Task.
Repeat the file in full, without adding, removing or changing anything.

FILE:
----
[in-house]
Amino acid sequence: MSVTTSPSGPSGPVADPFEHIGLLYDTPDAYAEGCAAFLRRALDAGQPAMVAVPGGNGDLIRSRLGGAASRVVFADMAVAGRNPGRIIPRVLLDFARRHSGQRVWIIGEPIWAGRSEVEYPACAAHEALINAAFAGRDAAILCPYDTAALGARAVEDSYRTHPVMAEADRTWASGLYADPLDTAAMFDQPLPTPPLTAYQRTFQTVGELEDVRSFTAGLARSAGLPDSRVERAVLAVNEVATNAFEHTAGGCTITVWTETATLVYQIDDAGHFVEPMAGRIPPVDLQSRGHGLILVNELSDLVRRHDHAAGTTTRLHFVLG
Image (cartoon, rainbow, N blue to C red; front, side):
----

[in-house]
Amino acid sequence: MSVTTSPSGPSGPVADPFEHIGLLYDTPDAYAEGCAAFLRRALDAGQPAMVAVPGGNGDLIRSRLGGAASRVVFADMAVAGRNPGRIIPRVLLDFARRHSGQRVWIIGEPIWAGRSEVEYPACAAHEALINAAFAGRDAAILCPYDTAALGARAVEDSYRTHPVMAEADRTWASGLYADPLDTAAMFDQPLPTPPLTAYQRTFQTVGELEDVRSFTAGLARSAGLPDSRVERAVLAVNEVATNAFEHTAGGCTITVWTETATLVYQIDDAGHFVEPMAGRIPPVDLQSRGHGLILVNELSDLVRRHDHAAGTTTRLHFVLG
Image (cartoon, rainbow, N blue to C red; front, side):